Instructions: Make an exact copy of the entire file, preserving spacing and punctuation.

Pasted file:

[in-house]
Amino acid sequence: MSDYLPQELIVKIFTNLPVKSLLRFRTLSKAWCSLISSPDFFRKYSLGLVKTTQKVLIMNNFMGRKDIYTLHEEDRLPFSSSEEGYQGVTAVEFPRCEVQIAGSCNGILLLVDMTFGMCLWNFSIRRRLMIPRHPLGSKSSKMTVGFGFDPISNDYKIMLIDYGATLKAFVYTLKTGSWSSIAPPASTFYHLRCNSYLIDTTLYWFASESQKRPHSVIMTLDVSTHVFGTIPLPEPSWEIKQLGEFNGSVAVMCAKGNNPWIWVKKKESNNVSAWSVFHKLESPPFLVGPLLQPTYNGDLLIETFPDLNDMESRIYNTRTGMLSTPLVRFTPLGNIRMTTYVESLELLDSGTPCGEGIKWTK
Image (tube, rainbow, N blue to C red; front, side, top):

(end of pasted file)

[in-house]
Amino acid sequence: MSDYLPQELIVKIFTNLPVKSLLRFRTLSKAWCSLISSPDFFRKYSLGLVKTTQKVLIMNNFMGRKDIYTLHEEDRLPFSSSEEGYQGVTAVEFPRCEVQIAGSCNGILLLVDMTFGMCLWNFSIRRRLMIPRHPLGSKSSKMTVGFGFDPISNDYKIMLIDYGATLKAFVYTLKTGSWSSIAPPASTFYHLRCNSYLIDTTLYWFASESQKRPHSVIMTLDVSTHVFGTIPLPEPSWEIKQLGEFNGSVAVMCAKGNNPWIWVKKKESNNVSAWSVFHKLESPPFLVGPLLQPTYNGDLLIETFPDLNDMESRIYNTRTGMLSTPLVRFTPLGNIRMTTYVESLELLDSGTPCGEGIKWTK
Image (tube, rainbow, N blue to C red; front, side, top):